I’m incredibly grumpy this morning. Angry at everyone and no one in particular. Frustrated. Short-tempered.
It’s shame there’s not a gang of four year old boys in my apartment building, because I’d be the most enthusiastic adult growler and teeth gnasher they’d every played with.
We could have a fabulous monster or dinosaur simulation for hours, and it would be truly be a win-win for all. Expressing all that “raarrr” energy I have this morning would feel good. Plus there are only so many times and I can answer my husband’s “what’s up?”” with a wide-eyed hissing and my hands molded into grasping claws.
(Please understand, I’m not hissing at him. We’ve just found sometimes it’s easier to show each other just the kind of mood we’re in, rather than having to find words for it.)
What’s the cause of my malaise? Not sure. I think it’s a cocktail of hormones, resentment at a very overfull week, and some stinging experiences I had last week from which I haven’t quite recovered.
I’ve been through the “fix it” cravings this morning. I wanted a sugar-free vanilla half-caf latte to fix my mood. I wanted snapping at my family to fix it. I wanted a hot shower to fix it. I wanted getting back in the bed and cuddling with my husband to fix it.
And of course, none of those things did. A little caffeine did make things a little better. My husband’s hugs made it all seem less desperate, but my mood didn’t change much.
What Wants To Be Born?
Somewhere along the way this morning, I remembered a quote I came across recently in the twitterverse: “Frustration is often a really good sign that something is wanting to be born.” It’s from Cheryl Richardson, the fabulous advocate of self-care, and the life coach Oprah introduced to the world in the 90’s.
These words immediately resonated. I loved the spirit of them. I could see how, in the face of frustration, they’d turn my attention from the negative --what I felt frustrated about--to the positive—the alternative that I wanted.
Typically, when we feel frustrated, our focus and energies then get stuck in two areas:
- The feeling of being frustrated
- The circumstances or person that is frustrating us (and the blame, resentment, venting, and plotting that often comes with that)
Our minds and emotions go there, rather than to what we want, to the dream or desire that lies behind the frustration.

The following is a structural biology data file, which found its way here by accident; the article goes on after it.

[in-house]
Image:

This is what Cheryl’s words highlighted for me: behind every frustration, there is a dream. There is a desire.
This morning, feeling frustrated, I tried to put this idea into practical application. I asked myself, “Tara, my dear, what is it that you are so grumpy/pissed/angry/frustrated about?”
I came up with a list of five things, including three different work experiences – all of which involved having committed myself to things that really weren’t worth the effort expended. I was also feeling frustrated around a financial situation, and I was still angry about a troubling experience I had had the previous week.
For each of those five, I asked myself, what do you want here? What, as Cheryl Richardson would say, was wanting to be born?
It was true: under each of my five frustrations I found something that was waiting, almost quietly, to be born. There were changes in me just emerging, and my external life hadn’t caught up to my new desires.
Underneath my work frustrations, for example, was a desire to become more selective and strategic about speaking engagements and writing articles. Underneath my frustration about a sexist experience I had had the previous week was a desire to get involved in some social change work around this issue of women’s (lack of) leadership in the Silicon Valley business world.
I often expect myself to be clear about what I want proactively – to sit down and dream it up. But my life doesn’t always work that way. Sometimes I learn what I want through frustration with what is. In that way, frustration can really be my ally and my oracle.
3 Simple Steps for Working With Frustration
If you want to use frustration constructively in your own life, and move through the frustration of frustration more rapidly, follow this simple process:
- Ask yourself, what do I feel frustrated about? Journal, letting whatever comes up come up.
- For each area of frustration, ask yourself, “What is the dream or desire behind this frustration? What wants to be born here?”
- Turn your focus brainstorming, visioning, planning and action to create what you articulated in #2.
A little tip: Watch out that your list for #2 reflects things that are within your control. For example, if your dream/desire is “Susie (my critical boss) gives me regular recognition at work” you’ve set yourself up for a tough time bringing that into action.
Go deeper to identify the state of being or feeling you are seeking—that state of being you think the external change would cause. For example maybe what you want underneath that desire for Susie to change is that you, “feel recognized at work” or “feel confident and emotionally safe at work.” You can work on these in a number of ways – whether Susie changes or not. Get the idea?
I’d love to hear: how does all of this apply to frustrations you feel now? How do you utilize and move through frustration in your life?
Tara Mohr is a writer, coach and personal growth teacher who helps people connect with their own inner wisdom. She blogs at Wise Living. You can also click here to receive her unconventional Goals Guide, “Turning Your Goals Upside Down and Inside Out to Get What You Really Want.”
*photo copyright © 2010 Lauren Caterson